Meet Chris Moore, the Eyes of the Runway

The legendary catwalk photographer talks his new tome, his favorite designers, and the importance of a wooden box

To be a good runway photographer, one should have a decent sense of clothing, quick reflexes, and a wooden box.

“That’s always been a constant companion,” said Chris Moore, the veteran fashion show photographer whose work is featured in new book Catwalking: Photographs by Chris Moore, which features a foreword by John Galliano and text by Alexander Fury. For a man who has captured the evolution of the runway, who was there for John Galliano’s graduation debut, and who notably served as Alexander McQueen’s official show photographer, his humble box—a former home to a microscope upon which he stands or sits—is a valuable tool. “When I go into shows, people see that put in position and they know it’s my box,” he said of the piece that has traveled the world with him. “[It] is very important for capturing catwalk shows.”

If Moore says it’s important, then you’d better believe it’s the best way to get the shot. The man began his career more than 50 years ago, assisting the likes of Cecil Beaton and Henry Clarke in the studio before making the leap to runway shows. From intimate couture presentations to the large-scale spectacles of today, Moore has been the eyes of the industry.

Now, with the help of his business partner and wife, Maxine, Moore has pulled together images from his extensive archive to produce a book. Over the course of two years, the duo scanned and retouched images dating as far back as the mid-1960s. “I am really conscious that there are lots of lovely pictures that haven’t got in,” he said over the phone. “Hopefully I’ll be able to do another one and get them into that. It’s always very difficult to make a choice, so certain ones do get left out, which is a shame.”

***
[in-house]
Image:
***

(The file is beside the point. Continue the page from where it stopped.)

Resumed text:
One image that made it to print and stands out is a heavy hitter of modern fashion history: Karl Lagerfeld’s first show for Chanel. “I’m very fond of [it] because it not only shows the model and the Palais, but it’s got lots of my photographer friends in the picture,” Moore said. “We tried to not just show the dresses, we wanted to show the ambiance of these shows, and how they went on.”

Of course, Moore isn’t stuck in the past—the ever-changing nature of the fashion industry means his eye is trained to what’s new and next. “There are some shows where I feel, this young talent is going to go far,” he mused, listing menswear designer Martine Rose as a standout. “Simone Rocha is another British designer who is doing wonderful work, and I feel really sure that she will go very far.” He flipped through the book, listing off current favorites as he came across pictures—Tom Ford, John Galliano’s Maison Margiela, and Thom Browne, whose show is featured on the cover.

Above all, what Moore’s archive and Catwalking illustrate is the importance of shows and presentations to fashion history, and the powerful effect they have on how we perceive collections. Clothes are static objects—they need a body to bring them to life. With the added theatricality of lights and music, the themes in a presentation are amplified, and an energy is created.

“When you do a show and the hair on the back of your neck stands up, you know something good [is] going to come of it,” he said. “You know there’s something special about the whole thing, and that’s what makes covering the shows exciting—you wait for something really good. It’s thrilling, really.”

Catwalking: Photographs by Chris Moore is available now from Laurence King

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